Dr. Cal Lightman teaches a course in body language and makes an honest fortune exploiting it. He's employed by various public authorities in various investigations, doing more when the ... See full summary »
The show follows a crime, usually adapted from current headlines, from two separate vantage points. The first half of the show concentrates on the investigation of the crime by the police, the second half follows the prosecution of the crime in court.
Jesse L. Martin,
The Naval Criminal Investigation Service's Office of Special Projects takes on the undercover work and the hard to crack cases in LA. Key agents are G. Callen and Sam Hanna, streets kids risen through the ranks.
Michael Westen, a seasoned U.S. spy, is suddenly "burned", i.e. discredited, without any form of procedure. He survives by doing impossible jobs for desperate people in Miami, where his mother lives. Michael is usually aided by his ex-girlfriend Fiona and trusted former FBI informer Sam. Written by
Jeffrey Donovan is an engaging lead in an interesting program - which combines an interesting dramatic story line with a good balance of lightness and humor -- much like the outstanding "Monk," also a USA Network production.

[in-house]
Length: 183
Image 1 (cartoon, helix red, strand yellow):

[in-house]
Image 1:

The premise has been well-publicized; he's a crack covert operator, who's now been ostracized by his agency, and is seeking to learn why, as well as exist amidst the barriers they've erected in terms of his credit and finances, availability of former colleagues, and while he is under surveillance from multiple agency operatives.
During the course of this program, he also assists a man whose former boss - a powerful citizen - has placed both his livelihood and son in jeopardy.
Again, done with both serious drama and whimsy, this is a show which is a breath of proverbial "fresh air," especially among the lame quiz programs and reality shows impossible to avoid today.
I entered this comment a year ago, upon seeing initial episode of the series. In continuing to watch, I've found Jeffrey Donovan's performances and character to remain interesting and engaging, the remaining cast excellent, and the episodes, overall, also interesting and well-written. Along with "Monk" and the recently-added "In Plain Sight," the USA Network is producing, in my opinion, better fare than the four networks.
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